Geology, Ecosystem and Biodiversity

©UNESCO / Cat Ba biosphere reserve

In a time of increasing uncertainty and socio-political instability it is essential to continue to honour commitments to the environment. In particular, earth sciences such as geology, ecosystem management and biodiversity hold key answers to the challenges in preserving the environment and sustainable development of Viet Nam.

UNESCO has focused on promoting global collaboration over matters concerning mineral resources and ecosystem management through the International Geosciences Programme (IGCP), supporting over 340 international cooperation projects on the Earth’s geology. Viet Nam joined the IGCP in 1981, following the Prime Minister signed Decision establishing the IGCP National Committee of Viet Nam. Since then, Vietnamese geologists have been actively involved in over 50 IGCP projects. These projects have allowed for better understanding of the biosphere and solutions to problems that threaten to undermine environmental sustainability.

UNESCO also works to ensure sustainable development at Viet Nam's geopark, biosphere reserve and world natural heritage sites. Interventions include integrating local customary rights and practices into protected area management, building capacity in tourism management at biosphere reserves, and further developing biosphere reserves as sites for education and research for sustainable development, particularly in relation to growing climate change effects.

The Man and the Biosphere (MAB) programme was set up specifically to discover more about the relationship between humans and nature. From this, more than 600 Biosphere reserves have been established around the world with the aim of developing new methods for protecting natural ecosystems whilst creating new opportunities for environmentally sustainable economic development. In close collaboration with UNESCO, Viet Nam has become a hub for biodiversity research. Viet Nam’s tropical climate and diverse ecosystems have allowed for the successful development of nine biosphere reserves and one global geopark in various locations across the country, including:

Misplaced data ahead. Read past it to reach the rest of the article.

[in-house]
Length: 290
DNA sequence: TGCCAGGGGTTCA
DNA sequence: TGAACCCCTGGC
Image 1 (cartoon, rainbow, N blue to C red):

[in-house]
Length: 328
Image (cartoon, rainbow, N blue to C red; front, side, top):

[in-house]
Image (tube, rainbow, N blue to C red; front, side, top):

1. Can Gio Mangrove (2000)  
  2. Dong Nai (2001, former Cat Tien, extended in 2011)
  3. Cat Ba (2004)
  4. Red River Delta (2004)
  5. Kien Gian (2006)
  6. Western Nghe An (2007)
  7. Mui Ca Mau (2000)
  8. Cu Lao Cham - Hoi An (2009)
  9. Langbiang (2015)
  10. Dong Van Karst Plateau (2010, UNESCO Global Geopark)

The success of Viet Nam’s biosphere projects cannot be understated. They have helped sustain ethnic communities whilst creating viable economic opportunities that actively support the protection of endangered ecosystems. These reserves also help to maintain animal habitats and act as “learning laboratories” for scientists studying climate change and sustainability.

Back to top